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- British journalist
Kuenssberg, who has been in the role for close to seven years, thanked BBC colleagues and viewers for joining her “on an amazing ride” as she warned there will be plenty of headlines to come before she officially steps aside in April.
She said: “I’ve been so lucky to do the best daily reporting job in the business, with the best colleagues anyone could wish for. It’s been incredible to occupy the chair during a time of such huge change and to try to make sense of it for our viewers, listeners and readers online.
“I’ll miss the daily drama, and our wonderful team in Westminster, immensely. But after nearly seven years and what feels like decades’ worth of headlines, it’s time for the next move.”
After nearly 7 years, in April I'm moving on from best daily reporting job + the most wonderful team in the business. It's been an honour and an amazing ride - more to come in 2022! With love + thanks to all at @BBCPolitics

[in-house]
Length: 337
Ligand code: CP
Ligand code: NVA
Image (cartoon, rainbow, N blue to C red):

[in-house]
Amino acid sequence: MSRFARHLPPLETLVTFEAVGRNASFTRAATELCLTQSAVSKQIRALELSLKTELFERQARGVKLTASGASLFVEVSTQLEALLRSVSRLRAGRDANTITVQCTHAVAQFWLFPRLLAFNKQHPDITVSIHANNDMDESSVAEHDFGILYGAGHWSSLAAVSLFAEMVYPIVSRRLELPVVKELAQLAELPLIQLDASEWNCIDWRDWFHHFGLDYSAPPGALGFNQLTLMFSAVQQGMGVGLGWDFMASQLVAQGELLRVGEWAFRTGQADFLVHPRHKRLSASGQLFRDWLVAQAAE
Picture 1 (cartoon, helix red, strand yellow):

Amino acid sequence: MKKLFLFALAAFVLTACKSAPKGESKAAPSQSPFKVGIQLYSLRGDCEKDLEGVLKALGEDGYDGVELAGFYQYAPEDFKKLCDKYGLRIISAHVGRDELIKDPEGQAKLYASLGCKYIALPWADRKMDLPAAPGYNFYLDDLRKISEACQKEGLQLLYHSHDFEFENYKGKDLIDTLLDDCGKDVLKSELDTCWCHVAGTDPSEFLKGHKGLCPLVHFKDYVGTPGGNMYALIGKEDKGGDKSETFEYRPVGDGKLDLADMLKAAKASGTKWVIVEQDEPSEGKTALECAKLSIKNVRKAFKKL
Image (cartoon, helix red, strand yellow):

— Laura Kuenssberg (@bbclaurak) December 20, 2021
The BBC’s Director-General Tim Davie said: “Laura has been an outstanding BBC political editor throughout the most turbulent political times in living memory. Her incisive commentary, tough questioning and astute insight have guided our audiences through the last seven years.
“She’s a superb interviewer and engaging presenter, and I’m thrilled that we are keeping her on our screens and airwaves. I’m looking forward to her next chapter.”
The BBC’s director of news, Fran Unsworth, said: “Laura’s a born journalist and she’s done an amazing job as political editor. She’s an energetic and determined story-getter, who gets straight to the heart of the issue and knows exactly the right questions to ask.
“Our political coverage would have been immeasurably poorer without Laura as political editor. We’re lucky to have her.”
Her departure leaves open the key role of political editor at a time when the future of the BBC licence fee is being negotiated.